A confidential informant (CI) is an individual who is working under law enforcement to assist with other arrests. Some are paid and some are simply working in hopes of a lesser sentence. Never agree to work as a CI without consulting an attorney first.
Should I work as a CI to reduce my charges?
Working as a CI can be dangerous. With that being said, law enforcement officers go to great lengths to protect the identities and safety of their informants. In some cases, this is a viable option for sentence mitigation.
Should I cooperate with law enforcement?
Never talk to law enforcement officers about charges that are pending against you without consulting a lawyer first. If you have been contacted regarding an investigation, whether it is concerning you, a family member or a friend, it is best to seek the advice and assistance of an attorney prior to offering assistance.
Will my charges score me out to prison?
Your drug charges may score you out to prison time or may carry certain mandatory minimum prison sentences by statute. Your score sheet will be calculated based on your current charges and prior criminal record.
I had a prescription – can my charge be dismissed?
Oftentimes people are arrested for possessing prescription medication. This may happen if you have pills on your person with no prescription bottle. If you cannot prove that you have a prescription at the time of your arrest, you may offer this information to the state attorney’s office. The state usually requires the actual prescription as proof. As a drug crimes defense lawyer, I can obtain this information from your medical doctor and provide proof to the state to obtain a dismissal.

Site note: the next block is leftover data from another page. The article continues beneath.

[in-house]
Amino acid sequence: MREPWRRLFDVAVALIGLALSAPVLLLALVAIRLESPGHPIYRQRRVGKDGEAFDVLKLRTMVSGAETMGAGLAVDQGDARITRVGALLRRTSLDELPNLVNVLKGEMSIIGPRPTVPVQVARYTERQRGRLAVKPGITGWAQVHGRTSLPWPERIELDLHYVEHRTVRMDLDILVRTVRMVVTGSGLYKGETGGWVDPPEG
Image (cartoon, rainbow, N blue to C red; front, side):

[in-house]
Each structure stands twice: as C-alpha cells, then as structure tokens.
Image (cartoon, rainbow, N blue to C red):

Should I go to trial?
The decision to go to trial is a serious one that requires the advice of a skilled criminal defense trial attorney. All your options should be discussed, including negotiations, pretrial motions, potential witness testimony and defenses. Your lawyer should discuss the maximum and minimum penalties with you as well. Trial is always an option with an aggressive and skilled criminal defense trial attorney. Make sure you explore your lawyer’s qualifications and experience with jury trials before trusting them with your life.
Do I have a defense?
There are many defenses against drug charges. Actual innocence, lack of knowledge, lack of possession, mistaken identity and entrapment are just some defenses that can be explored.
Can I be arrested for possessing a pipe?